Why Hugh Freeze left Ole Miss, and what it means for Auburn football

David Eckert
Mississippi Clarion Ledger

Auburn football has settled on Hugh Freeze as its next head coach, replacing the fired Bryan Harsin, according to reports. 

Freeze has spent the last four seasons coaching Liberty, leading the Flames to a 34-15 overall record and a trio of bowl victories. Before that, Freeze spent five seasons as Ole Miss coach, beating Alabama twice, winning a Sugar Bowl and bringing the Rebels as high as No. 3 in the polls in back-to-back seasons. 

Stunningly, he resigned on July 20, 2017, after an Ole Miss investigation found a “pattern of personal misconduct” on the part of Freeze. 

USA TODAY reported that Freeze used a university-issued phone to make a short call to a phone number connected to a female escort service on Jan. 19, 2016. The call was uncovered when the attorney for former Rebels coach Houston Nutt, who had filed a lawsuit against the university and its athletic foundation, requested Freeze's phone records. That prompted the Ole Miss investigation.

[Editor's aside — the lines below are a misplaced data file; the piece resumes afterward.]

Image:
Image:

“We all step over boundaries,” Freeze said at the Little Rock Touchdown Club in September, 2018. “Mine are public. Some of it has truth and some of it has no truth to it. But it doesn’t matter. I can’t win that battle.” 

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Had Freeze not resigned, Ross Bjork — the Ole Miss athletic director at the time — said he would have exercised a “moral turpitude” clause in Freeze’s contract to terminate it. 

“In our analysis, we discovered a pattern of conduct that is not consistent with our expectations as the leader of our football program,” Bjork said during a press conference after Freeze’s resignation. “As of yesterday, there appeared to be a concerning pattern.”

Jeffrey Vitter, then the Ole Miss chancellor, said at the time that Freeze’s resignation was not connected with a list of 21 NCAA allegations received by the university that February. 

Ole Miss was accused of 15 Level I violations, and an NCAA infractions panel said the university fostered “an unconstrained culture of booster involvement in football recruiting,” while also lacking institutional control. Some of the charges posed by the NCAA dated back to Nutt’s tenure, but most occurred under Freeze. 

Ole Miss ultimately vacated 33 wins, served a two-year bowl ban and endured three years of probation — including scholarship reductions and recruiting restrictions. 

As a result of the NCAA investigation, Freeze received a punishment requiring him to serve a two-game conference suspension if a program hired him before Nov. 30, 2018. With that deadline well in the past, Freeze can be on the sideline for the Tigers.

David Eckert covers Ole Miss for the Clarion Ledger. Email him at or reach him on Twitter @davideckert98.